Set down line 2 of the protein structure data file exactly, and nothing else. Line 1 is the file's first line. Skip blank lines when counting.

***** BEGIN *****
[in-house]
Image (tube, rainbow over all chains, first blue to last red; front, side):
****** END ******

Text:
Image (tube, rainbow over all chains, first blue to last red; front, side):